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Beslan Residents Mourn Their City Along With Their Dead

By Peter Finn
Washington Post Foreign Service
Thursday, September 9, 2004; Page A23

BESLAN, Russia, Sept. 8 -- The Sept. 2 issue of the thrice-weekly local newspaper here was printed in advance and arrived in its editorial offices Sept. 1. It was never distributed and is now a relic sitting in the editor's office.

The pages are a last window on life in this small riverside community before the storm of last Friday: local sports coaches honored; problems in the town's heating system; an angry letter about new water meters.

_____Live Discussion_____
Live, 2 p.m. ET
Sarah Mendelson, senior fellow of the Russia and Eurasia Program at CSIS, will discuss the school massacre in Beslan and Putin's angered response to terrorism.

_____Inside the Gym_____
Video Report: Video recorded by terrorists in the school in Beslan was released by the Russian government Tuesday. It shows how the gym was rigged with explosives.
_____Photo Gallery_____
Russia Begins Burying Victims: Funeral processions in Beslan on Monday moved one after another for the hundreds who died in the Russian school hostage crisis.
Photos: Standoff Ends
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Putin Angered By Critics On Siege (The Washington Post, Sep 8, 2004)
Old Animosities Boil Anew In Wake of School Tragedy (The Washington Post, Sep 8, 2004)
Hostage Takers in Russia Argued Before Explosion (The Washington Post, Sep 7, 2004)
Under a 'Crying' Sky, Beslan's Dead Are Laid to Rest (The Washington Post, Sep 7, 2004)
Russia Admits It Lied On Crisis (The Washington Post, Sep 6, 2004)
A Gruesome Tour Inside School No. 1 (The Washington Post, Sep 6, 2004)

At the top of the front page of Zhizn Pravoberezhya, or Life of the Right Bank, is an article by an 11th-grader at School No. 1, where 328 people lost their lives, according to the latest official figures.

"Here it is, Sept. 1, the day of knowledge," wrote Alan Dzheliev, 17, describing the meaning of opening day for first-graders. "The first bell rings. From this moment they are not the kids they were yesterday."

The hostages were taken on opening day.

"I wish it had been like I wanted it to be," Dzheliev said in an interview Wednesday several blocks from the school where some of his friends died. "But the meaning is the complete opposite." He was lucky enough to be late for school that day.

As Beslan continued to bury its dead Wednesday, a process that could continue for days because 95 victims remained unidentified, much of the town seemed like a memorial, eerily silent, with most offices and businesses closed.

In interviews, residents reflected on the quiet, relatively prosperous place that also died last Friday.

"A week ago, this was a peaceful, hardworking town," said one resident, Savely Kanukov, recalling life at homes he visited to play chess or dominoes and where he now has to go to offer condolences. "We had a merry life."

The town of about 30,000 stands on the steppe below the Caucasus Mountains, on the banks of the main river of the region, the Terek. Established in the spring of 1847 by highlanders who had been burned out of their homes by czarist forces, the settlement was immediately multiethnic. The first residents built a church, a mosque and schools, according to a history published by the town, and today a new church and mosque are under construction.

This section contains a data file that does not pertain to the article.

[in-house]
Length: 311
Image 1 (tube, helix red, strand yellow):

Originally called Tulatovo, after the surname of its founder, Beslan Tulatov, the town grew into an industrial and predominantly Christian place in the Soviet republic of North Ossetia. In the early 1950s, it formally adopted its founder's first name.

The economic mainstay in Soviet times was a giant corn processing plant that, according to Alexander Berezov, head of the cultural department in the city administration, rivaled anything in the United States. Residents noted proudly that Nikita Khrushchev, the Soviet premier from 1958 to 1964, once visited the town to inspect the enterprise.

"It was a giant of the Soviet Union," Berezov said with visible nostalgia. He spoke at the town offices, where a bust of the founder of the Soviet Union, Vladimir Lenin, still adorns the entrance. "Only when the Soviet Union fell did [the plant] stop being so powerful." Today, staying in business is a struggle.

Much of the town's other industry collapsed after the fall of communism. But the town has regenerated, largely because of a new factory that makes vodka, cognac and champagne and employs nearly 2,000 people.

"This region recovered faster than others," said Elza Baskayeva, editor of the local paper. "There is work here, unlike a lot of places."

At the center of the town is the House of Culture, a renovated Soviet relic where the Hollywood thriller "I, Robot" was showing until Friday. Other performances included Ossetian music and dance for older residents.

"We had movies and sports and disco-dancing," Dzheliev said. "Beslan was an ordinary place, like any other city."

The town tasted combat violence in World War II when it was bombed by German warplanes, but German ground troops never reached this far. During the 1992 war between Ingushetia and North Ossetia, there was fighting near Beslan, but it never breached the city limits.

"The war," Kanukov said, "came on Friday." At the school Wednesday, the flowers remained piled high as people from across the region made pilgrimages to the site of the carnage. Interspersed among the bouquets were dozens of bottles of water, in remembrance of the thirst of those who were held hostage here.

"This town still hasn't realized what happened to it," Baskayeva said, "but we have to remember. If we forget, we are nothing."


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